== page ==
To say that hybrid work has had a rocky start might be a gross understatement. As workplaces rolled out their return-to-office plans or experimented with an iteration of hybrid work, many confronted challenges, from employees' reluctance to actually go back into the office
to less than ideal meeting experiences in conference rooms impeding collaboration.
To understand the needs and preferences of today's employees and find solutions to some of these workplace issues, Poly and workplace research company Worktech Academy surveyed
4,000 U.S. employees. At the core of the survey results, they found that many workplaces are dealing with an uneven hybrid work experience. For instance, 72% of U.S. employees think that their employer can do more to "create a uniform experience between remote workers and workers physically in the office," Poly reported.
Not only are employees looking for a uniformed work experience, but many organizations fear that if they don't get it right that they can lose out to top talent. Six out of ten firms surveyed fear losing new and existing talent if they don't figure out their hybrid workplaces, and less than half of all organizations are prepared with a hybrid work strategy.
Some other top takeaways from the survey include:
- Workplaces got tactical about space and technology: 77% of decision-makers said that the pandemic forced their organization to get smarter about how they use space and technology, breaking HR, IT, and real estate departments out of their operational silos to solve hybrid work challenges, Poly said.
- In-office voices got heard more than remote ones: 68% of 4,000 U.S. employees surveyed agreed that their employers are more likely to encourage or account for different perspectives when people are in the office.
- Nearly a quarter of companies refitted their offices for hybrid work: 23% of U.S. companies have refitted their meeting spaces with video capabilities to boost hybrid work.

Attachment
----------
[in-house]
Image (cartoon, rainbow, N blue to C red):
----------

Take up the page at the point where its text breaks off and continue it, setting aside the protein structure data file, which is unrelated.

For anyone who’s been following the workplace trends of the last six months, these results show that workplaces have a long way to go before truly realizing their hybrid work strategy.
While the hybrid work-specific statistics are certainly interesting — and the real issue — it also highlights the need for different departments (HR, IT, real estate, and others) to come together to address employee challenges. Poly isn’t the only technology provider that has raised the importance of this cross-department collaboration. Cisco stressed the same point during the 2021 virtual Enterprise Connect event
, pointing out that each department has a role to play in enabling hybrid work. During the event, Jeetu Patel, EVP & GM of security and collaboration business units for Cisco, also shared that out of “110 million meeting rooms and classrooms around the world, only 6.4% of them are video enabled.”
Out of all the issues facing workplaces today, video enabling meetings is perhaps one of the most crucial aspects of getting hybrid work right. During the pandemic, employees relied on video meeting services like the ones provided by Cisco, Microsoft, Zoom, and others, and as they head back into the office, they are looking for the same easy-to-use and seamless experience that they grew accustomed to from home. Unfortunately, as we’ve seen with the first iteration of hybrid work, many workplaces are having issues creating a seamless video meeting experience (as exemplified by the Poly and Cisco statistics). Some employees are also heading back into the office just to sit at their desks and join video calls all day
Despite the snags that hybrid work has hit for many workplaces, it seems clear that workplaces aren’t giving up on this model quite yet. And as workplaces look to tackle the nuances of hybrid work, HR, IT, and real estate professionals will need to work in closer proximity to make it happen. Not only will this cross-department collaboration make their work easier, but it should also — over time — create a better in-office (and video meeting) experience for employees inside and outside the office.